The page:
At present, as we can see that the governance mechanism for planning and implementation in India is weak. Cities and towns lack the resources, the skill-set and the technical expertise to cope with rapid urbanisation. On the other hand, since these smaller urban centres are in an early phase of growth, they present a grand opportunity to engage new, innovative and sustainable ideas and technologies to urbanise.
However, at this point, in spite of the urgency of their need, new towns being planned by the Indian government are facing delays due to the typical bureaucratic problems. Along with such holdbacks it is also becoming increasingly difficult for the private sector- be it developers, architects or planners, to deal with the already existing planning regulations often set by government administration while applying innovative solutions for sustainable growth.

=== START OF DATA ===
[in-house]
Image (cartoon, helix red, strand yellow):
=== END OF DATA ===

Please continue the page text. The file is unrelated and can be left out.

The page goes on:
Hence the emerging trend of private sector participation in city building may just provide an effective framework to efficiently drive inclusive and sustainable urbanization of India. Private participation in city making allows India to leverage the full potential of Urbanization and make it work as part of our growth strategy in a faster and more efficient pace. The creation of new cities by the private sector can absorb at least part of the 600 million people that are set to be added into India’s urban centers over the next 4 decades. The government should set macro guiding principles of sustainability & inclusivity in these towns which can then translate into a future with multiple networks of dynamic small cities that can boast of efficiency and higher quality of life.
Private sector participation in city building
Lavasa, the new city envisaged as Independent India’s first hill city, is a recent example of such a private participation in city building. Strategically located near Mumbai and Pune, Lavasa is taking its form on 25,000 acres of land. It is a phased development consisting of five towns and is said to be based on the principles of ‘New Urbanism’ and ‘Biomimicry”.